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Greenspan Blasts Fannie, Freddie Fix - WSJ.comAug 14, 2008 ...
Alan Greenspan faults the US’s approach in fixing Fannie Mae and Freddie Mac, saying the credit crisis offered an ideal opportunity to ...
Brooksley Born Excoriates Alan Greenspan: You Failed
“At todays Financial Crisis Inquiry Commission hearing, Brooksley Born, the former head of the Commodity Futures Trading Commission, declared Alan Greenspans tenure at the Federal Reserve an unmitigated failure to his face. Greenspan accords a certain degree of respect on Capitol Hill, despite Borns accurate take on his many failures, and so this outburst was highly unusual and gratifying.
Born, who pushed to strictly regulate derivatives under the Clinton Administration, but lost the battle to, among other people, Alan Greenspan, told the former Federal Reserve chair that his agency failed to prevent housing bubble, failed to prevent the predatory lending scandal, failed to prevent the activities that would bring the financial system to the verge of collapse.
You failed to prevent many of our banks from consolidating and growing to a size that are now too big or too interconnected to fail, Born added. She added that Greenspans views on deregulation, which he took as an article of faith, contributed to the Federal Reserves failure in delivering on its mandate.” [snip]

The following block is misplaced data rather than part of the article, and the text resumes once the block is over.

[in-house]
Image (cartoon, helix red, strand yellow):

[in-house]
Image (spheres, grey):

“..Born was particularly concerned about swaps, financial instruments that are traded over the counter between banks, insurance companies or other funds or companies, and thus have no transparency except to the two counterparties and the counterparties’ regulators, if any. CFTC regulation was strenuously opposed by Federal Reserve chairman Alan Greenspan, Treasury Secretaries Robert Rubin and Lawrence Summers. On May 7, 1998, former SEC Chairman Arthur Levitt joined Rubin and Greenspan in objecting to the issuance of the CFTCs concept release. Their response dismissed Born’s concerns off-hand and focused on the possibility that CFTC regulation of swaps and other OTC derivative instruments would increase legal uncertainty of such instruments, potentially creating turmoil in the markets, and reducing the value of the instruments. Further concerns voiced were that the imposition of new regulatory costs would stifle innovation and push transactions offshore...”
Credit Default Swaps were huge in the meltdown.
5 posted on Wednesday, April 07, 2010 6:02:22 PM by Anti-Bubba182